Here’s the relevant exchange (forgive any errors in the transcription but this is really close if not exact):
Colbert: …[You say] people in poor communities turn to gangs for protection, for services when the government can’t do it for them…
Kilcullen: Exactly right…There’s actually a huge amount of similarity between basic police work and the sort of stuff that happens with gangs and so on and what happens in this [insurgency] environment.
So, first, it’s nice to know that David obviously reads this blog but he really should credit me for these ideas [I’m just kidding Mr. Kilcullen. Call me! ]
More seriously, I’d make a slight tweak to his observation. There is a huge similarity to the challenges in police work and insurgencies but I’d argue that most American police departments have been trying to approach those problems from a mindset that more closely hews to traditional military thinking that counterinsurgency doctrine.
Current anti-crime measures are almost exclusively reactive and suppression based. You wait for a crime to occur, you find the suspect and you arrest him/her. There’s no identification or addressing of underlying factors.
This video really struck a cord with me since I had virtually the same conversation with my command which I was in Afghanistan in 2003. My command could not get their heads around the idea of insurgency and could only conceive of conventional military threats. Hence, I was tasked to do an Intelligence Preperation of the Battlefield so that they could plan what to do if the Taliban attempted to overrun Bagram airfield. Now, Bagram had over 10,000 soldiers at the time, in addition to a sizable number of attack helicopters and aircraft and yet, the only threat scenario these guys could come up with was a Taliban motorized rifle division coming over the Koh-i-Safi mountains. IEDs? Rocket attacks? Nah…”This isn’t Iraq” I was told or “C’mon…who does that?”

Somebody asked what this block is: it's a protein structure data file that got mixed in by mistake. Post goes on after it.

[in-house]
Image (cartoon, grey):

As a side note, my repeated attempts to convince them that such a scenario was highly unlikely and that other threats should have a higher priority went unheeded, setting off an unfortunate string of increasingly dysfunctional exchanges which ended with me telling the S-3 that he was full of bulls*it at a very full shift change brief. (Not a particularly wise move for a mid-level NCO although, miraculously, I avoided any repercussions).
We had a number of soldiers with civilian law enforcement experience and I recommended dragooning them, on a part time basis, to assist in intelligence gathering and developing a decent view of our new operating environment. Command couldn’t figure out why we couldn’t get all the information we needed from the internet. Needless to say, that didn’t happen and 2003-2004 in Afghanistan (at least in the Bagram area) can best be thought of as a year of lethargy.
Still, it is encouraging to hear that the military was inspired in part by the academic/research work done in law enforcement and people who understood the issue made it to the top. Hopefully the military can return the favor to the law enforcement community.